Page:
The story about Henchard’s sale of his wife and child revealed by the furmity-woman spreads throughout town, and from that day onward Henchard’s reputation rapidly declines. An incident of some sold wheat that is far below the quality of the sample of wheat Henchard’s business provided, drags Henchard’s name into the mud. Elizabeth-Jane is passing the Golden Crown not longer afterward and learns from the crowd outside that a meeting of the commissioners is occurring concerning Henchard’s bankruptcy.
Henchard’s reputation and his business take a hit once the secret of his past is revealed. Elizabeth-Jane learns, through the town gossip, that Henchard has gone bankrupt. This is a technique frequently employed in this novel: information is gained through the gossip of the villagers, and information is revealed to the reader at the same time as it is revealed to a character.
Henchard willingly gives everything that he has to his creditors in order to settle his debts, attempting to go so far as to give them his gold watch, which they will not accept. The creditors say that despite Henchard’s rash business dealings that have created his debt, they feel he has been fair and conscientious in trying to repair the unfortunate situation. Henchard is deeply moved by these statements, and sells his watch and takes the money to one of his smaller creditors. All of Henchard’s belongings and furniture are auctioned off.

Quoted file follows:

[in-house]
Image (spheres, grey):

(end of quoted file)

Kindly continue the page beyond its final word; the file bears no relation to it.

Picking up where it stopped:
Henchard is occasionally able to confront problems of his own creation. This happens only a handful of times in the novel, and it occurs when Henchard’s mistakes are large and noticeable. He is able to attempt to pay back all his creditors, just as he was able to take a vow to stop drinking when he was aware of the dramatic mistake he had made.
Elizabeth-Jane alone feels for Henchard and attempts to reconnect with him. She writes to him, but he does not reply. She wishes she could make it clear to him that she does not blame him for his treatment of her. Henchard’s house is sold as part of the process of paying his creditors and Henchard moves into Jopp’s small cottage by the Priory Mill, despite Jopp being the man whom Henchard had mistreated, employed, abused, and dismissed.
Elizabeth-Jane’s empathy is apparent in her treatment of Henchard. Despite his ill-treatment of her, she reaches out to him in this difficult time. Henchard’s one other friend is Jopp, who he has also mistreated. Without the kindness and forgiveness of others, Henchard’s situation would be far grimmer.
Elizabeth-Jane sees that Henchard’s wagons have been painted over with Farfrae’s name. She sees Abel Whittle at work, and he tells her that Farfrae has purchased Henchard’s entire business, which the workers are happy about, as they no longer have to fear Henchard’s temper. Henchard’s business, which has been inactive as he fell into bankruptcy, is revitalized with a new precision under Farfrae’s ownership.
Farfrae has bought Henchard’s business and employs his workers. This literal transition represents an emotional and social transition: Farfrae is taking over Henchard’s place, his role, and his situation in Casterbridge. Unintentionally, Farfrae is claiming everything Henchard had and wanted.